The requirements for data scientists regularly include things like a valued university education in a field like math, statistics, or econometrics. Or technical analytical skills, like being proficient with data mining and the associated software. Also, the data scientist should be able to use several programming languages and tools and be able to achieve quick results using them. The data scientist should be a researcher who dares to think outside the box and has inside knowledge of business processes and problems. Finally, they should be an excellent communicator, so they can communicate and explain all the problems and possibilities that come with the data. They should be a champion of data-driven working and innovation. But this desired superman (or woman) clearly doesn’t exist!

A jack of all trades is a master of none

Is it possible to recruit this fabled data scientist? And even if you were to find one, a jack of all trades is a master of none. Two types of thinking combine to create this unrealistic laundry list of requirements and characteristics:

  1. The old way of organizing where people bet all their chips on a specialist who comes in like a knight in shining armor to make their organization innovate and prioritize data-driven working. This way of thinking is a vestige of the second industrial revolution, where radical division of labor resulted in enormous increases in productivity. Nowadays, this conflicts with the type of agile organization where teams make all the difference. In addition, an increasing number of organizations is on the way back to working with roles instead of functions. More generalization in tasks and roles is crucial in order to facilitate dialogue and self-organization, which is required to embrace agility and survive as an organization.
  2. The second way of thinking is about the desire to break up complex building blocks into easily digestible chunks. For the position of Data Scientist, it is common to see an overlap of many different competencies, skills, and characteristics that the company is apparently unable to unite, so they are all combined into this one mythical person. Just check the job openings! This creates a demand for a super-specialist that doesn’t actually exist. Besides that, getting such a specialist carries the risk of missing the true dialogue with each other and instead getting stuck in an “ask and we deliver” mindset, instead of having a valuable discussion about the why, how, and what of solutions and improvements. This often leaves the best ideas and the required support to go in a new direction unused.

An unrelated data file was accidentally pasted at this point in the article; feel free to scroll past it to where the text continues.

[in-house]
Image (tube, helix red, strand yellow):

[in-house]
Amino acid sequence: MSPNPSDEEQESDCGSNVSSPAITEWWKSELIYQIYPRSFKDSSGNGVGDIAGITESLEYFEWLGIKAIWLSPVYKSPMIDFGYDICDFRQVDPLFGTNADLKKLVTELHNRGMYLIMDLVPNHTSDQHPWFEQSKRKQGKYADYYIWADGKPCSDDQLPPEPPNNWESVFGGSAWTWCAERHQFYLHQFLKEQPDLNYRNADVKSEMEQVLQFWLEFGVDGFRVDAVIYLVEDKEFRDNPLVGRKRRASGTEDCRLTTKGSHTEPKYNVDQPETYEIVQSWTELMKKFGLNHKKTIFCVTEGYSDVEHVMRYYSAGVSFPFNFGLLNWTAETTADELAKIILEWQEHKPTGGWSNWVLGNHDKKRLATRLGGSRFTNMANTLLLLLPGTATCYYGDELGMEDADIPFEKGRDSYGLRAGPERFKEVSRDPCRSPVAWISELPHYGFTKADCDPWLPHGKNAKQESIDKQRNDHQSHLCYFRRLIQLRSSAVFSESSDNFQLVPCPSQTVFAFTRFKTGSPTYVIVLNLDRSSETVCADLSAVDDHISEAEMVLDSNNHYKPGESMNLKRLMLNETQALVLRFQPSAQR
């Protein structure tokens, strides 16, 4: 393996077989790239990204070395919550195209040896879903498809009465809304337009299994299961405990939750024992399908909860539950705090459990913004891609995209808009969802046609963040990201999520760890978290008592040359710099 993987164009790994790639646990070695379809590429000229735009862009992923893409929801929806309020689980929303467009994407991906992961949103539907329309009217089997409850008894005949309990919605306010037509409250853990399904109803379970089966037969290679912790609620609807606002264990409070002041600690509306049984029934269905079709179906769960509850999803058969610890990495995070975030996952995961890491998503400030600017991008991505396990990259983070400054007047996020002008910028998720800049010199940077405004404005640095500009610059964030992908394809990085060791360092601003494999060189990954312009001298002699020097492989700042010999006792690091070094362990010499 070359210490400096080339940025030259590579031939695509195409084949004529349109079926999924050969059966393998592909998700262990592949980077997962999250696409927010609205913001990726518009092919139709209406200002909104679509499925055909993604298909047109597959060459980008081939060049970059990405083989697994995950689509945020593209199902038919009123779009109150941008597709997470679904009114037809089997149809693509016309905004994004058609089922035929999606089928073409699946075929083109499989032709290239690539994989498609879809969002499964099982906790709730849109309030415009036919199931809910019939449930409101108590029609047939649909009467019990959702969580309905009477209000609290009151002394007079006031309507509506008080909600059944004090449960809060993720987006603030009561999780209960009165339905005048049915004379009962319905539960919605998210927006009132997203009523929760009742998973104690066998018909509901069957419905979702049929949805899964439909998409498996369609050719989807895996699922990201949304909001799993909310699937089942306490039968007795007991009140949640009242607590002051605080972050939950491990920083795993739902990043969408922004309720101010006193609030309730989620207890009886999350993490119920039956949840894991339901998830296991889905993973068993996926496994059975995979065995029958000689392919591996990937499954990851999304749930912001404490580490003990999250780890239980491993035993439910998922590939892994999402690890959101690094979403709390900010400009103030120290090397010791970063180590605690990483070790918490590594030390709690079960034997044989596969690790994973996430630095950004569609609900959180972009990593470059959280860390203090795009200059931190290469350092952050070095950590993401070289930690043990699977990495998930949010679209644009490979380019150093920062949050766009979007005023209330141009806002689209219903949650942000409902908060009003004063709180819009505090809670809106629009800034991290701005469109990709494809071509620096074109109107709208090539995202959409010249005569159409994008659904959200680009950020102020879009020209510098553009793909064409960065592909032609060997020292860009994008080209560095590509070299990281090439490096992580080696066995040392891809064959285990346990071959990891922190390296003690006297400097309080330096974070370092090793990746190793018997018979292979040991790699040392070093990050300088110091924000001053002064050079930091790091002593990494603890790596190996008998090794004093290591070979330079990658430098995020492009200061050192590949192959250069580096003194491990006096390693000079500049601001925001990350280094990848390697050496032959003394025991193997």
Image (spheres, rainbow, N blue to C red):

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Are you still thinking like a Fayolist?

Henri Fayol was a French mining director who made an important contribution to organizational science in the early 20th Century. He formulated a number of important principles of organizing that are still common today. These ideas are fantastic for creating scalable organizations but are less productive for agile, self-steering teams.

Fayol posited fourteen principles of organizing, the following five of which were the most important: specialization, unity of command, formal chain of command, unity of direction, and authority and responsibility. These principles clash with those of agile teams who need to be flexible and sometimes even disruptive. The Fayolistic mindset has often led to management patterns that keep basing its decisions on it, sometimes consciously and sometimes unconsciously.

Cheap or expensive teams?

These days, change takes place in the roots of an organization, so only teams can anticipate, analyze, and solve problems quickly and effectively. This requires agile employees, methods that support an agile workflow, and a combination and overlap of knowledge and competencies, including those of a data scientist, which a team or project team should contain.

It’s crucial to determine which competencies require overlap and which do not, in order to prevent forming an expensive team comprising nothing but the jack-of-all-trades super specialists. Teammates with different degrees of analytical skills can easily create a rich dialogue about the meaning of data and possible solutions.

Extra ingredients